Working again in Long Beach, this time in a 1941 Monterey Style home that was designed by the noted architect Roland E. Coate, Sr., McLeod took a sparse, neglected house and updated it while respecting the original architect's intent. "This project held fast to honoring the original details, scale and traditional style of the house while revitalizing architectural integrity for the contemporary lifestyle of the residents," says McLeod. "The serene atmosphere is achieved by harmonious composition of building, interior and landscape design, and the house has a seamless flow between existing and new construction, carrying on the timeless design integrity initiated by Coate nearly 70 years ago."

McLeod has researched Coate thoroughly. "He was known for contemporary Mediterranean Revival residential architecture and low-pitched hipped roofs capping simply articulated forms, along with large glazed areas and ribbon windows," she says. "This stems from his investigation of Modernism and his continued interpretation of traditional style through the use of simple materials and details, which has come to be known as Monterey Style.

"He used simple materials, horizontal wood siding, exterior plaster and simple rooflines, but he considered the Long Beach house modern architecture, with its emphasis on light, air, and views. Those ribbon windows that wrapped corners and undulating walls along the back side of the house were indeed modern by 1941 standards."

McLeod spent many hours designing the attendant grounds as well. "Exterior patios were maintained and expanded with new hardscape, maximizing the flow between interior and exterior spaces, which are ideal for entertaining large gatherings," she says. "There are gardens for meditation, play and entertaining, and I placed water features and sculpture throughout them." The owner's art collection includes installations both inside and out, featuring artist Mineo Mizuno's ceramic water-drop sculpture in a bay window, complemented by his water-drop-shaped organic landscape forms.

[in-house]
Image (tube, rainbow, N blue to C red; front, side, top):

One of the larger projects that McLeod has undertaken is the master plan for the 1920s Harold Lloyd Greenacres Estate in Beverly Hills. Work by KSMA included extensive research, onsite documentation and analysis of the current conditions of the historic structures on this legendary estate, which was completed in compliance with the State Historic Building Code and the Secretary of the Interior's Preservation Standards.

McLeod prides herself on creative design concepts that not only address the special needs of historic preservation, revitalization and renovation, but also encompass new construction and adaptive reuse projects. "I'm committed to architectural integrity," she says, "and I embrace the challenge of seeking harmony between the old and the new, and meeting the needs of my clients with creative and innovative design solutions.

"Working on historically significant structures is a delicate balancing act between conservation of the original fabric, modern construction practices and the client's needs and budget. Historic landmarks have to remain vital; if not, they won't be saved. There is still a great need to educate the public and build appreciation for these irreplaceable treasures."